TEST DRIVE: Audi Q8 TFSI e Quattro — The Eco-Friendly Q8

The newest family member to join the Audi Q8 line-up is the Audi Q8 TFSI e Quattro plug-in hybrid, which rounds off the Q8’s model range. This new PHEV hybrid model offers you the ability to drive into town in full EV mode, which undermines the stigma of big SUVs being polluting machines. Going up against the Range Rover Sport PHEV and Porsche Cayenne S E-Hybrid, the Q8 has all that we know from the standard Q8, mixed with the newly updated hybrid flavor developed by the Bavarians in Ingolstadt. This SUV Coupé is already the seventh Audi model with a plug-in hybrid drive that has been newly introduced into the market since mid-2019.


The Eco-Friendly Luxury SUV


Let’s not touch too much on the standard features of the Audi Q8, with its interior refinement and ride quality that we have already seen before. The new TFSI e Quattro offers a well known recipe, but just with a new powertrain under its belt, allowing you to transport yourself in a more environmentally friendly manner.


V6 + Electric Motor


The key ingredient of the new Q8 is its new hybrid drivetrain, featuring a larger battery pack and two variant, with two different power outputs; the Q8 55 TFSI e Quattro and the Q8 60 TFSI e Quattro. The hardware shared between these vehicles is the same, only a software tune allows for a detuned 55-version, which has been created for markets where you are able to get specific environmental tax benefits from the local government. Interesting move by Audi to accommodate their Q8 hybrid line-up to markets where people will get a benefit when they order themselves a Q8.


Both the Q8 55 TFSI e Quattro and the Q8 60 TFSI e Quattro use the same 3.0 TFSI V6 petrol engine, which puts out 250 kW (335 horsepower) and produces 450Nm (332 lb-ft) of torque. For ’55’ duty, there’s an additional permanently-excited synchronous (PSM) electric motor with a peak output of 100 kW (134 horsepower). The compact electric motor is integrated in the housing of the eight-speed tiptronic transmission.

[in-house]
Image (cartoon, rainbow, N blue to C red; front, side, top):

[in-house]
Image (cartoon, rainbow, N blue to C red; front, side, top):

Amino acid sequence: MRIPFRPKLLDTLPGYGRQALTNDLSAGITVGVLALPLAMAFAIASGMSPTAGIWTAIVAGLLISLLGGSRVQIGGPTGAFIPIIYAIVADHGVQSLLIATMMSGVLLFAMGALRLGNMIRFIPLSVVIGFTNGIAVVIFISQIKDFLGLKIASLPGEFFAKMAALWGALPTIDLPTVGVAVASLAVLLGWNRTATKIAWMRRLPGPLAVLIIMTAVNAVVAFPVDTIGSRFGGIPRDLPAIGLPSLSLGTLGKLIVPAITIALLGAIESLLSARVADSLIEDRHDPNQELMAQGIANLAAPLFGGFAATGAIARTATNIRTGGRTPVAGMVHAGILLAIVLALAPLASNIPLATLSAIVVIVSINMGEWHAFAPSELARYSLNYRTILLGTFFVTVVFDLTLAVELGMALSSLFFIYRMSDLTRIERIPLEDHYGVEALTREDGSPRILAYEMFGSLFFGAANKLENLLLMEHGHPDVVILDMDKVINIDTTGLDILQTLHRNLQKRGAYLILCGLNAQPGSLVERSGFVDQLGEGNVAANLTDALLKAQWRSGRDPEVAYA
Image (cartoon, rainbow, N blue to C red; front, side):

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Peak combined power for the complete hybrid powertrain is 280 kW (375 horsepower and 600 Nm (442 lb-ft) of torque. That combined power output helps the Q8 55 TFSI e Quattro get from 0-100 km/h (0-62 mph) in 5.8 seconds.


The 17.9-kWh battery pack is installed under the 505-liter luggage boot floor, which has been raised by 30 mm to fit all the hybrid tech. The new-generation package has a 0.7 kWh larger capacity than its predecessor (which was released in the Q7 hybrid last year). It is also 70 kilograms (154 lbs) lighter which is an improvement of 33 percent over their previous battery pack., so it now weighs 140kg (308 lbs). The battery has a maximum charging capacity of up to 7.4 kW and can be charged fully from empty in 2.5 hours. On a full charge, you will have up to 47 km of range in the 55 TFSI.


In the more powerful ’60’ TFSI you get 340 kW (455 horsepower) and 700 Nm (516 lb-ft) of torque. This has of course an impact on the performance figures as the ’60’ model brings you from 0 to 100 km/h (62 mph) in 5.4 seconds. Both cars have the same top speed, which is limited at 240 kmh. The Vmax in full electric is 135 kmh. 45 km of range in the 60 TFSI, and


No Less Than 7 Driving Modes


On the handling side of things, the Q8 comes with the same all-wheel drive set up as its siblings; Quattro permanent all-wheel drive system with a center mechanic differential come as standard. The power split is 40 percent of the torque to the front and 60 percent to the rear during normal driving. You will have max 85 percent to the front axle and up to 70 percent to the rear axle. The Audi Drive Select system has seven driving profiles: comfort, efficiency, auto, dynamic, individual, off road and all road, and offers you the option to pilot the 2.5-tonne hybrid during your journey.